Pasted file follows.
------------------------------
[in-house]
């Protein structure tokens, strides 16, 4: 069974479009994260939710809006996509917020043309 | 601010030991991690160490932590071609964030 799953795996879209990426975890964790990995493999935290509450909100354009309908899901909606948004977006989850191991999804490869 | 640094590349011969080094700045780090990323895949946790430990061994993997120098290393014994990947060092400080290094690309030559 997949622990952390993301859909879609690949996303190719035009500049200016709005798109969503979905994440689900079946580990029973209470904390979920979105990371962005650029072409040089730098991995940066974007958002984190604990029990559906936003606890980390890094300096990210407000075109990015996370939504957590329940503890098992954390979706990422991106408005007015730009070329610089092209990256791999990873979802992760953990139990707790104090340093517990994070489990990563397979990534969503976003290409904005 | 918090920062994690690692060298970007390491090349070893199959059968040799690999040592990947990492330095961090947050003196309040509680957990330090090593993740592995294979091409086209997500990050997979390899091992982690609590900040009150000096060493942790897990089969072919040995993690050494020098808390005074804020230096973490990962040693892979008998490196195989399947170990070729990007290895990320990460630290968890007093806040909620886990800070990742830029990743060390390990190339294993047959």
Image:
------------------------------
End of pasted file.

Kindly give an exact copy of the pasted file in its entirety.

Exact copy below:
[in-house]
């Protein structure tokens, strides 16, 4: 069974479009994260939710809006996509917020043309 | 601010030991991690160490932590071609964030 799953795996879209990426975890964790990995493999935290509450909100354009309908899901909606948004977006989850191991999804490869 | 640094590349011969080094700045780090990323895949946790430990061994993997120098290393014994990947060092400080290094690309030559 997949622990952390993301859909879609690949996303190719035009500049200016709005798109969503979905994440689900079946580990029973209470904390979920979105990371962005650029072409040089730098991995940066974007958002984190604990029990559906936003606890980390890094300096990210407000075109990015996370939504957590329940503890098992954390979706990422991106408005007015730009070329610089092209990256791999990873979802992760953990139990707790104090340093517990994070489990990563397979990534969503976003290409904005 | 918090920062994690690692060298970007390491090349070893199959059968040799690999040592990947990492330095961090947050003196309040509680957990330090090593993740592995294979091409086209997500990050997979390899091992982690609590900040009150000096060493942790897990089969072919040995993690050494020098808390005074804020230096973490990962040693892979008998490196195989399947170990070729990007290895990320990460630290968890007093806040909620886990800070990742830029990743060390390990190339294993047959």
Image: